Aim To examine associations between retinal thickness and rod-mediated dark adaptation in older adults with non-exudative age-related maculopathy (ARM) or normal macular health.
Methods A cross-sectional study was conducted with 74 adults ≥50 years old from the comprehensive ophthalmology and retina services of an academic eye centre. ARM presence and disease severity in the enrolment eye was defined by the masked grading of stereofundus photos using the Clinical Age-Related Maculopathy grading system. High-definition, spectral-domain optical coherence tomography was used to estimate retinal thickness in a grid of regions in the macula. Rod-mediated dark adaptation, recovery of light sensitivity after a photo-bleach, was measured over a 20-min period for a 500 nm target presented at 5° on the inferior vertical meridian. Main outcomes of interest were retinal thickness in the macula (μm) and parameters of rod-mediated dark adaptation (second slope, third slope, average sensitivity, final sensitivity).
Results In non-exudative disease retinal thickness was decreased in greater disease severity; thinner retina was associated with reductions in average and final rod-mediated sensitivity even after adjustment for age and visual acuity.
Conclusions Impairment in rod-mediated dark adaptation in non-exudative ARM is associated with macular thinning.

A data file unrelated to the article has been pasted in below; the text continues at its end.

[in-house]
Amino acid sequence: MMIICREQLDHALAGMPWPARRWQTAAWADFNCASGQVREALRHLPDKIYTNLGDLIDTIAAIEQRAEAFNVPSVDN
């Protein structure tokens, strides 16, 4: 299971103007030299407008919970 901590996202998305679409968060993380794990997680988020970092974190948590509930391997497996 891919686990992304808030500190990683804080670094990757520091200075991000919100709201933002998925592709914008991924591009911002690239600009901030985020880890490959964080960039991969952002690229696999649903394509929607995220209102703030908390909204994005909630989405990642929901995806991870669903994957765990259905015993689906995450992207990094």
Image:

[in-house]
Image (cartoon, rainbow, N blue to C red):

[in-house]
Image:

- Age-related maculopathy
- dark adaptation
- rod photoreceptors
- optical coherence tomography
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Funding This research was supported by National Institutes of Health grants R01-AG04212 and R21-EY14071, the EyeSight Foundation of Alabama, Research to Prevent Blindness, the Alfreda J. Schueler Trust, and the Able Trust.
Competing interests CO is a patent holder on the technology used to measure dark adaptation in this study.
Patient consent Obtained.
Ethics approval This study was approved by the Institutional Review Board of the University of Alabama at Birmingham and adhered to the tenets of the Declaration of Helsinki.
Provenance and peer review Not commissioned; externally peer reviewed.